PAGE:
Two Scott heroes rescue strangers in need

  • Published
  • By Staff Sgt. Steve Horton
  • 375th Airlift Wing Public Affairs
A house fire and an apparent heart attack while driving could have been fatal had it not been for the heroic acts of two Scott airmen.

Tech. Sgt. Tim Schodorf of the 375 Maintenance Squadron and 1st Lt. J'Wana Fletcher of the 375th Medical Group helped rescue strangers recently.

In the first rescue, Schodorf rushed into a burning, smoke-filled house in Belleville, Ill., and assisted and elderly woman to safety.

He and his wife were driving near their home when they saw smoke coming out of a house and pulled over to help.

"When we pulled over, we could see the back rooms were totally engulfed in flames," said Schodorf. "I've seen the woman working in her yard before, so I just ran in to help."

When the Schodorfs arrived, there was another man trying to dial 9-1-1, but he was having problems with his phone, according to the sergeant.

"I didn't really think about it; I threw my cell phone to my wife and ran into the house," he said. "There was so much smoke that I ran into the wall at first and had to drop to the floor and call out for her."

After locating the woman, Schodorf helped her out of the burning house and to the safety of a neighbor's home.

He later learned the elderly woman had fallen a week earlier and hurt herself. That is why she was having trouble getting out of the house.

"I've never been one to stand around," he said. "If something needs to be done, I just do it. I didn't really think about it until after I got her out."

"I was a little scared when he ran into the house," said Teresa Schodorf. "But, that's the kind of person he is. I was just hoping he would get to anyone in the house ... before it collapsed."

The fire began when a lamp fell over and caught a mattress on fire, completely gutting the home. But, thanks to Schodorfs actions, the woman escaped unharmed.

During another recent incident, a truck moving erratically on Interstate 64 suddenly veered out of control and into on-coming traffic. Fletcher knew the driver was in serious trouble.

The driver had suffered an apparent heart attack and was motionless when Fletcher, an emergency room nurse, and her husband, Michael, arrived.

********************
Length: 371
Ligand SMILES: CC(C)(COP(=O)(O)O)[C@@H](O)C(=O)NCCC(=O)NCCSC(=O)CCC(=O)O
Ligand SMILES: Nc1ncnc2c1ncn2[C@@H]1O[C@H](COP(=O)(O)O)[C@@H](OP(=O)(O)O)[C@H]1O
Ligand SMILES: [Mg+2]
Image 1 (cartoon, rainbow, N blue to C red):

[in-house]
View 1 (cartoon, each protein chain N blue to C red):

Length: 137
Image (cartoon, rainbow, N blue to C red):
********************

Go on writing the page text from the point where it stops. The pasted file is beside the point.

Her medical training immediately kicked in, and they removed the driver from the truck while maintaining cervical spine precautions. After placing him on the ground, she determined he did not have a pulse and was not breathing.

"My husband and I performed two-person CPR to assist the patient in regaining a heart beat," she said. "The medics arrived just as the heart beat was regained and did a quick-look on the monitor and found the patient was in a dangerous (heart) rhythm."

The paramedics were able to shock the truck driver into a stable rhythm, transfer him to Scott's emergency room and then to Barnes Hospital in St. Louis. Fletcher credits, in part, her Air Force training for preparing her to handle situations like this one.

"I have learned a greater sense of commitment and dedication to my community, how to adapt to unexpected situations and to stay flexible to the needs of the surrounding environment," she said.

When the word "hero" was brought up, Fletcher tried to distance herself from the term.

"We just did what we were supposed to do as health care providers, Christians and members of the community," she said. "It's just the type of people my husband and I have always been. If you need us, we will be there for you. We couldn't live with ourselves if we didn't do what we could to help someone in need."

Thanks to the Fletchers providing aid to someone in need, the truck driver made a full recovery.